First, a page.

I’m going to be rambling on for a little bit here, so don’t mind me! It’s something I’ve gotten quite good at here while sailing the seven seas, except this is a unique and rather sane opportunity for my ramblin’ as I actually have an audience. Normally, my ramblin’ takes place in the wee hours of the night under the star spangled midnight sky. I can always count on a good conversation with myself to keep myself wide-awake, alert to what may come on that horizon, and in good spirits!
And anyway, sometimes its not ramblin’ as much as just singing. I may have just not had a good opportunity to try it out before this, but as it turns out, singing is a fantastic way to entertain yourself while clipped into the bow of the ship on the long midnight look outs. Whether I’m squealing out in a disgraceful replication of Robert Plant,
“Hey-hey Mama, I said the way you move,
“Gonna make you SWEAT,
“Gonna make you GROOOOOVE!” soon followed by a copious amount of “Wah-wah-wah’s!” and “Duh-nuh-nuh’s!”
As if I weren’t already sweating enough out here. Or perhaps during my more desperate and shameless moments, wailing out to Neptune with a voice crackly,
“What if GOD was ONE OF USSSSSS!
“Just a FOOL like ONE OF USSSSSS!”
These episodes usually last as long as it takes for one of the daily miracles of life, beauty, or science to emerge and distract me from my singing, as they do frequently. Like, for instance, noticing that out in some special spots of the Pacific, stars shine not only from above but also from below, with bursts of neon bioluminescence trying as hard as they can to mirror the sprawling Milky Way from the depths. Or maybe that daily phenomenon is a new and mysterious creature pulled up from the blackness beneath us, now blobbing about indifferently in a jar of formalin.
Anyway, now for the important stuff. As part of our Marine Conservation class, we are each giving what we call an Uncommon Dialogue, a talk hosted by the students on the deck of the ship as we traverse the worlds largest ocean. My own Uncommon Dialogue, however, will take place with you, our family and friends back home, as I will be reporting on the talks we have with occasional blog posts.
On our way down to Palmyra Atoll (a unbelievable place that certainly merits a later blog post of its own), our very own Evan Clark started us out with a fascinating talk about conservation from a planetary perspective.
Evan told us about one moment during the Apollo 9 space mission, during which an astronaut was given the opportunity to observe earth from afar for 5 minutes while he was alone, floating in space. During this time, the astronaut realized that the planet he was seeing beneath him was nothing less than a perfectly sustainable space ship, possibly the most successful one in existence. With this in mind, conservation is not only a social and scientific movement but also the maintenance of our very own global life support.
Evan then posed as interesting question. We as conservationists feel the responsibility to care for the life on our planet, but would we have that same responsibility to care for life if it were discovered on another planet? And what do the answers to this question tell us about our role as the stewards of life here on earth? How far do our responsibilities extend, and what gives us those responsibilities? After all, as Evan told us, it was a single photograph of the earth rising over the surface of the moon from afar that began the green movement.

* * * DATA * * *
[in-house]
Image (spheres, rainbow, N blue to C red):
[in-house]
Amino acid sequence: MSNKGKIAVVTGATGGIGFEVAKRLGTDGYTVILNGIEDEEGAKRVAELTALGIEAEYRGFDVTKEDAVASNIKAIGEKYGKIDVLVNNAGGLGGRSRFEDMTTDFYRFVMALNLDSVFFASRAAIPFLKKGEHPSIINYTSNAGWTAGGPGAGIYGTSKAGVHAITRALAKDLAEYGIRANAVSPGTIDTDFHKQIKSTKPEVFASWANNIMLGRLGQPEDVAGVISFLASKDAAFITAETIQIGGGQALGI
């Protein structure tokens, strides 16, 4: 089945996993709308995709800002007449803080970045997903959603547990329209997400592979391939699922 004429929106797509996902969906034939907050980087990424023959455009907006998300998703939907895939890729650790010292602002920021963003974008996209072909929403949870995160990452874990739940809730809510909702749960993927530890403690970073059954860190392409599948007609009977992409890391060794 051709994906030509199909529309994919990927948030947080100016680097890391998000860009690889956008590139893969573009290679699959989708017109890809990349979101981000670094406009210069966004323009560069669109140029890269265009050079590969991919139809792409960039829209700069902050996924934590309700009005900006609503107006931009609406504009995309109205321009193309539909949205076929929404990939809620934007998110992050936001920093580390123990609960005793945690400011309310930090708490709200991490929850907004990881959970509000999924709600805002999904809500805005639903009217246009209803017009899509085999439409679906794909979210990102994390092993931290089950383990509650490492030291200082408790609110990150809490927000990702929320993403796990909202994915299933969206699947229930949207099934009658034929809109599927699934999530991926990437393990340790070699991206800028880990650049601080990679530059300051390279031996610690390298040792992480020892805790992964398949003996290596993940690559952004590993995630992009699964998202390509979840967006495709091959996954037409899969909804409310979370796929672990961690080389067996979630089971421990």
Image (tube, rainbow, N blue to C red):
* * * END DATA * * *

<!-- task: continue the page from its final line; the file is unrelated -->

Following Evan, Caroline Ferguson started us off on a conversation about the farming and manipulating of marine organisms, which spun quickly into a class wide debate on the potential, and also the limits, of aquaculture.
From the perspective of feeding the planet, aquaculture is a great accomplishment for the human race. But, as Caroline reminded us, the situation is not so simple. Aquaculture entails the confinement of fish to a small and usually enclosed area in contrast to the vast oceans they are evolved for and used to. The result is in an unhealthy buildup of byproducts and waste that pollute our waters to a dangerous degree. And the problems do not end there. Aquaculture comes hand in hand with selective breeding, where fish are chosen for their abilities to mature quickly, grow large, and also develop at a favorable feed to size ratio. What this means is that we are fundamentally changing the species we grow, and all this is aside from the so-called “Franken-Fish,” which are explicitly genetically modified salmon that are awaiting USDA approval.
So the question remains, how far can we take aquaculture? As more and more selectively bred fish escape into the wild each year, competing with the already depleted wild stocks and also potentially muddling their gene pool with unnaturally selected traits, the problem is growing exponentially and may soon get out of hand.
As we sail, each week will bring about a new round of uncommon dialogues, which I will do my best to summarize and bring to you via our blog here at sea. This is Lucas Oswald signing off, and until our next report, be sure keep an ear to the wind. Who knows, you may just hear me singing us down to Christmas Island.